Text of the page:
The Politicization of the Supreme Court

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Matthew Chen, Staff Writer

Over the years, many laws, proceedings, and precedents have been established that change the powers and role of the Supreme Court significantly from its initial establishment 250 years ago. Inevitably, politics has also made its way into the judicial branch of government, in the form of nominee selection. Various political shenanigans have been used in the past in order to delay or completely bypass the selection of a Supreme Court nominee. However, on both sides, shenanigans bring about shenanigans. Instead, the Supreme Court should return to the completely pristine non-political entity it once was. 

One possibility to make this happen would be utilizing the process of judicial impeachment. Under the Constitution, Congress is given the power to impeach and remove any federal judge. However, this provision has rarely been used, and Congress will likely be unwilling to break the precedent set by the only case of Supreme Court impeachment in the trial of Samuel Chase, where he was acquitted. 

Through intensely bureaucratic paperwork, the Senate now only needs a simple majority in order to confirm a Supreme Court judge. This nuclear option was first used in 2013 by Democratic Senators in order to eliminate the 60-vote majority rule on executive branch nominees and federal judge appointments. In the coming years, Republican Senators used this option in 2017 to confirm the appointment of Neil Gorsuch. The change within the system inevitably means that the ruling majority has an easier time appointing Supreme Court justices. 

I would argue that the US government should return to the 60-vote majority rule for appointing Supreme Court justices. The increasing use of political maneuvers to gain power in the government will only lead to an escalation in political mischief. Using a simple majority rule means that half of the Senate could disapprove of the nominee, and the nomination would still move forward.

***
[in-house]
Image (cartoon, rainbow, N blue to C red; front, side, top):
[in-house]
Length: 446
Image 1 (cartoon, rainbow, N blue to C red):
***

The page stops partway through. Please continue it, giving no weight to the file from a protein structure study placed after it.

In addition, since each party’s priority is increasing their own power in the government, the simple majority rule allows opportunistic power plays when a certain party has the majority. 

As for the current situation with the vacant seat due to the recent death of Justice Ruth Bader Ginsburg, the Senate should move forward with the nomination process, which in this case would benefit Republicans. But it should also re-establish the precedent of 60-vote majority rule so that the process will no longer be dictated by a current majority. 

If the Supreme Court becomes increasingly political, many disagreeable outcomes may be possible. For example, the President has the ability to appoint recess officials if Congress is in recess. However, Congress can utilize the pro-forma session, which is when Congress members “meet” every three days, the recess minimum. This means that the Congress members are essentially on recess, but the President does not have the powers of recess appointments. 

Still, political mischief only escalates. The president has the ability to call upon the Senate from “recess” and force them into recess during times of crisis such as a war or a pandemic. This means that the President could have unlimited recess appointments in order to further their agenda. 

The age-old method of court-packing is still a possibility as well. Since the Constitution technically does not state how many justices are on the Supreme Court, it is feasible for the number of justices to be increased in order to create a favorable majority. This was most notably attempted by President Franklin D. Roosevelt during the Great Depression. However, this method would likely face extreme opposition, making it very unlikely. 

But the increasing escalation of political mischief in the government may prove otherwise. Likely, the Supreme Court itself will make the decision if the situation ever reaches a boiling point. Therefore, the current political leaders should set a precedent and return to the basic words of the Constitution without the dishonest bureaucratic loopholes currently used.